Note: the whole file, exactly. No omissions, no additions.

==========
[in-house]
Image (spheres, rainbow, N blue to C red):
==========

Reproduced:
[in-house]
Image (spheres, rainbow, N blue to C red):